Mobile Device Addiction: What It Is, and Possible Dangers Associated with It
(Photo : Mobile Device Addiction: What It Is, and Possible Dangers Associated with It)

You might have said to a friend before, "I'm completely addicted to my iPhone!" But have you stopped and considered that might actually be the case? It's a little less tongue-in-cheek if you haven't checked your email or watched a YouTube video on your Android in a couple of hours, and you feel yourself starting to get jittery.

Could it be that you're addicted to your mobile device? Is it as addictive as caffeine or nicotine? And what are some potential health risks of using your smartphone too much, or being deprived of it?

Those are the questions that we will endeavor to answer in this article.

Is Mobile Device Addiction Real?

Before we get into health risks related to mobile device addictions, let's talk about what medical science says about all this. Studies indicate that:

  • Mobile device addiction is real

  • Some individuals use their mobile device as much as five hours per day, or more

  • The withdrawal symptoms can be similar to ones associated with substances like nicotine or caffeine

You're not going to go into withdrawal symptoms if someone takes your cellphone from you like you would if you have a heroin addiction. At the same time, the symptoms are every bit as noticeable in some people as if they don't have their eight o'clock cigarette or morning cup of coffee.

You can become irritable and even belligerent if someone takes your mobile device. You might not be as interested in activities that you once enjoyed. Your creative thinking ability might be adversely affected.

More Severe Symptoms

That's far from the worst behavior possible, though, if someone takes away your mobile device for an extended time. You might:

  • Get depressed or anxious

  • Face higher stress levels

  • Lose your concentration ability on ordinary tasks

Again, all of this is consistent with addiction. Some people feel that they need to play Candy Crush or their game of choice for a certain amount of time every day. If they don't do that, they don't get the serotonin release that comes with that activity.

Maybe you use your smartphone to check the news often. Perhaps you want the latest pandemic or presidential election news.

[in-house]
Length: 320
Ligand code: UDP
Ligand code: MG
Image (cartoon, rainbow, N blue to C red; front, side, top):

With what's happening in this country, and the world, your mobile device can feel like a lifeline to what is going on. Without checking it every few minutes, it's easy to see how you might get anxious. That's even more true if you already had depression issues before you got your cellphone, tablet, or other chosen device.

Potential Risks

You're probably not going to suffer a heart attack or stroke if someone takes your phone away. However, don't discount some of the physical and mental conditions that we've described as related to this issue.

If you feel stressed without your mobile device, then that's not healthy. When you have it, you can easily lose track of time surfing the net, playing games, or otherwise occupying yourself.

You might miss appointments. Maybe you were meant to pick your kids up at school, but you forgot. That's not a physical risk, but you're risking your healthy relationships with those around you.

You also might get combative if someone tries to take the phone away. Maybe you're at work, and your boss catches you using the device when you should not be.

If they try and take it or make you put it away, you might lash out at them. That could cost you your job.

These scenarios might sound farfetched, but they're not. Think of it: when was the last time you went a whole day without using your phone for something, if not many things? How does that prospect sound to you?

What Might You Do to Combat This Condition?

The thing about mobile device addiction is that even though many people have it, they don't realize it. 

They know that they use their phone or tablet a lot, but they probably don't think about how much time it amounts to every day, or what they'd be like deprived of that device.

The way to combat mobile device addiction is to be aware of it and to take some time away from your phone purposefully. You might decide that after a particular time of the afternoon, you're not going to use the device anymore.

Instead, you'll spend time with your family from that point forward. You might play with the kids, talk with your spouse or significant other, or meditate. You may take a walk in the woods or a bike ride.

Admitting You Have a Problem

Much like alcoholism or other drug use, it's going to be up to you to moderate your behavior related to your devices. Your family isn't likely to intervene, although maybe they will if your conduct is bad enough.

Still, even if no one is calling you out about your behavior, you must acknowledge that too much mobile device time can harm you. It's not healthy to have such an attachment to an inanimate object.

You can do some experiments and see what your days are like when you limit your mobile device use. If you do okay with it, then you needn't worry as much. But if your anxiety rises when you don't have your phone, you know that you need to take action without delay.

Many individuals don't realize how much their stress level ties into technology use. Tablets and smartphones are so much a part of our lives that we cease to think of ourselves as being separate from them. We don't seem to be far from the sci-fi notion of human and machine melding together.

Ultimately, you need to plan out your days to limit your mobile device use. Many studies indicate that those who spend less time on their phones or tablets feel less stressed and more relaxed.

It's critical to take these steps. If you don't, then the situation is likely to get worse without you even realizing it.